Several global life sciences companies and the Bill & Melinda Gates Foundation have pledged and committed to expand global access for COVID-19 diagnostics, therapeutics, and vaccines.
In a collective statement, they informed, “COVID-19’s existence anywhere poses a threat to communities everywhere. The health, social, and economic impacts can only be addressed through the collective actions of stakeholders across private, public, and philanthropic sectors in partnership with civil society. As organisations dedicated to improving and protecting global health, with our varied skills, roles, and resources, we remain committed to doing our part in ending this pandemic worldwide.”
The statement said, “Earlier this year AstraZeneca; Bayer; bioMérieux; Boehringer Ingelheim; Bristol Myers Squibb; Eisai; Eli Lilly; Gilead; GSK; Johnson & Johnson; Merck & Co (known as MSD outside the US and Canada); Merck KGaA, Darmstadt, Germany; Novartis; Pfizer; Roche; and Sanofi together with the Bill & Melinda Gates Foundation each pledged ourselves to the fight against COVID-19.”
The companies and BMGF said that through partnerships with other stakeholders they will strive to ensure global access to diagnostics, therapeutics, and vaccines that will help to accelerate the end of the pandemic. To accomplish this critical goal, they promised to:
Develop innovations for patients worldwide. “We will continue advancing the research and development of COVID-19 diagnostics, therapeutics, and vaccines that are suitable to meet the needs of populations around the world. To do so, we will work to expand clinical trials to account for diverse representation including lower-income settings and endeavour to address the specific product characteristics needed for use in lower-income settings even after new innovations are brought forward,” assured the companies through a statement.
Strive for timely availability. “By scaling up manufacturing at unprecedented speed and much earlier than usual, we will bring large quantities of safe and effective innovations to countries around the world for broad distribution as early as possible, no matter their income level. Mechanisms for rapidly escalating supply must be aligned with the specific context of a rapid pandemic response and tailored to each product, with options including early voluntary licensing and appropriate approaches to peer-to-peer innovator company manufacturing agreements,” they pledged.
Enable affordability for lower income countries. The companies said, “We will pursue a range of approaches to make products we are developing or supporting affordable in lower-income countries. These approaches will be independently determined by each supplier in response to the pandemic to address the significant affordability challenges, including approaches such as donations, not-for-profit supply, or equity-based tiered pricing based on countries’ needs and capabilities.”
Support effective and equitable distribution of these innovations globally. “We will strive towards equitable allocation of our products and support global mechanisms like COVAX, recognising the most effective approach to equitable access will vary across vaccines, therapeutics, and diagnostics. We also will use our collective voice alongside other global health stakeholders to advocate for the strengthening of health systems and distribution networks so crucial innovations reach everyone who needs them. In doing so, we support evidence-based prioritisation so that health care workers, high-risk individuals, and other priority groups identified by WHO and other health authorities are protected for the duration of the pandemic, regardless of the country they live in. We will advocate for equitable distribution, recognizing that sovereign nations have final decision-making authority,” they stated.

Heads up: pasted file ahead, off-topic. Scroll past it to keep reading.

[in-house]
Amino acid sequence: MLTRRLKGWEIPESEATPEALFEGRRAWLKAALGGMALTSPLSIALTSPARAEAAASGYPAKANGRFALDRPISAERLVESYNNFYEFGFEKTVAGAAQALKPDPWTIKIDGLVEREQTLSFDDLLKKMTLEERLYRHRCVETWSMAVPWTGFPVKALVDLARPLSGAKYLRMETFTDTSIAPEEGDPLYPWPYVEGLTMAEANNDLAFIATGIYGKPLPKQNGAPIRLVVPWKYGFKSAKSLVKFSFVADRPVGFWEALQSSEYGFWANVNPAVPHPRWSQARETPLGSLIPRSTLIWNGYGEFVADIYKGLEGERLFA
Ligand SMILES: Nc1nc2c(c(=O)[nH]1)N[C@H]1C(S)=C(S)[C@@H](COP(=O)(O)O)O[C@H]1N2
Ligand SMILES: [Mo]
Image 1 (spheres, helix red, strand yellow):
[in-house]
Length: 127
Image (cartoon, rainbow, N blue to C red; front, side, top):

Maintain public confidence in our innovations. “We will continue making the safety of individuals who receive products we are developing or supporting the highest priority. Adherence to the strictest scientific and ethical standards in product development and in manufacturing processes will remain the top priority over speed or politics,” guaranteed the drug makers.
The collaboration has also called upon governments, multilateral institutions, companies, NGOs, and others to
- Provide sufficient, dedicated, sustainable, and timely funding for the procurement and delivery of the tools necessary to end the COVID-19 pandemic.
- Diversify representation in critical decision-making and coordination bodies with special emphasis on voices representing low-income and lower-middle-income countries.
- Continue quickly developing and communicating clear guidance on product needs in lower resource settings as early as possible as our understanding of COVID-19 and the tools to combat it evolve.
- Advance fit-for-purpose regulatory and liability processes for all stakeholders involved, which prioritize safety while not slowing down access to critical new tools.
- Build and maintain public confidence in the approval mechanisms for diagnostics, therapeutics, and vaccines by ensuring robust safety and efficacy reviews and removing unwarranted political considerations from these discussions and the approval process.
- Enhance country readiness and in-country delivery systems by ensuring adequate expertise and resources are in place for effective country planning, distribution, and follow-up for new diagnostics, therapeutics, and vaccines